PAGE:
Programming the 1200

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I bought a tube of the 1200's and can't program them.
I've built about 5 different versions of programmers from the net and none seem to program the 1200. With the very same programmers, I can program the 8535 and the Tiny15 but the 1200 is the same on all programmers, the programmers say that either they can't program it or it's locked. Now because I can program the 8535 and the Tiny15, I am beginning to suspect the chips. The atmel representative in South Australia said that they have had no complaints or emails about a bad batch or 1200's.
Can anybody help.

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I went round and round with emails to Atmel (wasted a week of time) and could not get them to say if they were having troubles with them programming. I only have 8 of them, and finaly got 5 to take a load using a program named PonyProg (www.lancos.com) I have no problems with 2313's but the 1200's just wont erease.And if I do a read then I get a false count if 00 01 02 03...ff. If you do a search here on "cant erease" you'll find my other posts.

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It's good that you mentioned the 00 01 02 03 because that's what I get as well. It looks even more toward a crook batch.

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It's good that you mentioned the 00 01 02 03 because that's what I get as well. It looks even more toward a crook batch.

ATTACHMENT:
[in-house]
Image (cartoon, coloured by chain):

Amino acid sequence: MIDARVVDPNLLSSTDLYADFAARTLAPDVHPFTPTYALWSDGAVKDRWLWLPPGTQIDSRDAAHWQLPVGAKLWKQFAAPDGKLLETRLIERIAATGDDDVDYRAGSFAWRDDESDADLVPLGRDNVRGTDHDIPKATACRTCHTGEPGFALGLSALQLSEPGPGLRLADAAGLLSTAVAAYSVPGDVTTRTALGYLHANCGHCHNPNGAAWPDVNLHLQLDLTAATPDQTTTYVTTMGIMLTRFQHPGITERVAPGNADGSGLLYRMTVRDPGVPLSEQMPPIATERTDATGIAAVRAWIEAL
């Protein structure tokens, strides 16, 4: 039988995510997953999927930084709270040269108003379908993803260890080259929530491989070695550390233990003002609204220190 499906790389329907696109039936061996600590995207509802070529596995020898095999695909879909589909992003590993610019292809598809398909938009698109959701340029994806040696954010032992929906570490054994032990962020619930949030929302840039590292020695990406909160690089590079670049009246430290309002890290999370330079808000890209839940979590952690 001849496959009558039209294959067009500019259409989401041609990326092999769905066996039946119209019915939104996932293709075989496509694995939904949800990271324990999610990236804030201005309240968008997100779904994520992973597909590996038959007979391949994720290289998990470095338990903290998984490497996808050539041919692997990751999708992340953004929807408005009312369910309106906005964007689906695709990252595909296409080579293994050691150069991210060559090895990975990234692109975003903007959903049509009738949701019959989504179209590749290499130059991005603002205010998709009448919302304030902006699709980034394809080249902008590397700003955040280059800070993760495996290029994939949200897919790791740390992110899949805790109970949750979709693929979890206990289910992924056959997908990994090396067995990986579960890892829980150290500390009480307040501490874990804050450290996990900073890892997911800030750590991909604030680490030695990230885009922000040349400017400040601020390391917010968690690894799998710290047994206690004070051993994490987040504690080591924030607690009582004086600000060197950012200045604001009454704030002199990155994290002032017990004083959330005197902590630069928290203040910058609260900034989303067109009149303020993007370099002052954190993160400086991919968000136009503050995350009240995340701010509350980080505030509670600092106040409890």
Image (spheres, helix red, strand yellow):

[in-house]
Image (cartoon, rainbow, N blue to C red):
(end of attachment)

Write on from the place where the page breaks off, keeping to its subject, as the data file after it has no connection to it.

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Hi all,

It's a bit difficult for me to comment on 3rd party programmers like Pony Prog, but I'm investigating this matter a bit at the moment. I'm quite sure this is not a "crook batch", but maybe some cute quirks with the 1200's ISP protocol, which differs some from the '8535 and indeed all other devices. Here's my first comment:

The 1200 has to go out of programming mode between erase and write. Your programmer must:

- Enter programming mode
- Erase the chip
- Go out of programming mode
- Enter programming mode
- Program the chip
- Go out of programming mode

if your programmer doesn't do this, it's a classic! If you have a way of excluding the erase cycle from the programming sequence, do this. Then erase the device separately, and program the device without erase.

I'll look into it further, but please give me some feedback on what I just wrote here.

Best regards,

Morten, AVR tech. support, Atmel FAE

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Hi again,

I've checked the matter out a bit, and have found the following which might help you: There are two reasons for the chip read to return "00 01 02 03... ":

- The lock bits are programmed ('0'). Then only the last bytes of the address are returned.
- The programmer has lost synchronization with the device, and the address is returned instead of the data.

Note for people who use the STK500/ AVR Studio package: To program the 1200, uncheck the "Erase Device Before Programming" box. Then "Erase Device", then program.

Morten, AVR tech. support, Atmel FAE

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Try this: http://jaichi.virtualave.net/avr...

I couldn't get anything to program the 1200, but this does program and verify properly every time. I still can't clear the fuse bits with this, but it will program just fine. The cap value from SCK to ground is critical, so try to keep it close to 1 nF, 1000 pF. You have to set up external power for the atmel. The parallel port just loads down. I used a simple 9V wall transformer going through a 7805. Also, make sure to manually configure for 1K EEPROM. The auto-select feaure can cause problems.